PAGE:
Starting in March, the COVID-19 pandemic has made it harder and harder for many people to travel. Due to limited flights and the tedious testing process, both domestic and international travel has become too inconvenient. While the U.S. statewide travel bans are updated relatively frequently depending on the pandemic situation, international travel bans remain roughly the same as months ago.
Quarantine mandates and recommendations vary notably by state as the situation develops. Most states in the country’s central and southeastern parts do not have any restrictions in place for out-of-state travelers. States on the west coast and in the south-central part of the country have lifted the requirement of 14-day quarantine, yet these states are not moving forward with the next reopening phase. On the other hand, most northeastern states, as well as Alaska and Hawaii, have put quarantine requirements or recommendations in place for out-of-state travelers. Starting on August 1st, the travel restriction for out-of-state travelers entering Massachusetts states that, unless arriving from a state categorized by the Department of Public Health as low risk, all visitors and residents have to complete a travel form before entering the state. Travelers must quarantine for 14 days or hold a negative COVID-19 test result administered up to 72 hours prior to their arrival in Massachusetts.
Nationwide travel bans have still not been lifted. Parents or guardians of U.S. citizens and permanent residents may enter the country if their child is under 21 and unmarried, and spouses of a U.S. citizen or resident may travel to join their partner in the U.S. Siblings of U.S. citizens or residents may enter the U.S. only if they and their siblings are under 21 and unmarried. On the other hand, several presidential proclamations still restrict foreign nationals who have been in any country on the list of exceptions in the past 14 days from entering the United States. Countries on the full list of exceptions used to be places involving a high risk of infection, including China, Iran, the Schengen area of Europe, the UK, Ireland, and Brazil. These proclamations were issued months ago, with the earliest pushed on January 31, 2020, restricting travelers from China. The US has not been updated even though situations in some of these countries have been ameliorated.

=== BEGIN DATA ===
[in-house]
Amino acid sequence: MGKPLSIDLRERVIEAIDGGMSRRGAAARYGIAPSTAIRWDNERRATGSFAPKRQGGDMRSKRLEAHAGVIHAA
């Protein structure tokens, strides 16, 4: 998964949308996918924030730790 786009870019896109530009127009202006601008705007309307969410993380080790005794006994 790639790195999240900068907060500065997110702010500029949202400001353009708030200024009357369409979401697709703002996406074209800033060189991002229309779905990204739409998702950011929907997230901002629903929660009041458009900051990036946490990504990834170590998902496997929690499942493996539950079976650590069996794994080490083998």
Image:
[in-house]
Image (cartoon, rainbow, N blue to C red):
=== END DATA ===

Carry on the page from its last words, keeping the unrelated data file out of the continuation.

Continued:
Domestic and international travel restrictions have impeded CA students, especially boarders, from returning to campus. To prevent the spread of the COVID-19, all the countries have reduced the number of flights available, so airplane tickets are hard to book in the first place. As supply decreases, the price of airplane tickets inevitably increases. The cost of a one-way flight from the U.S. to Asia can be as high as $15,000. Furthermore, the travel bans make it nearly impossible for some international students to come to the U.S.
As a Chinese international student, to return to campus I would have to travel to a country that is not on the list of exceptions (either Cambodia or the United Arab Emirates), and stay there for 14 days before flying to the US and self-quarantining there for two weeks. In short, Chinese students – along with many other international boarders- have to spend at least a month to come back to school.
In conclusion, the COVID-19 pandemic has created many obstacles for traveling and boarders’ return to CA. Hopefully, the pandemic can be controlled as soon as possible so that travel restrictions can be lifted.